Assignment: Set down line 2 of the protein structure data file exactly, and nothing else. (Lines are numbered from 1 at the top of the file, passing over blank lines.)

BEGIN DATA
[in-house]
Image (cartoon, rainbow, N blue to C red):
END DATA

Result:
Image (cartoon, rainbow, N blue to C red):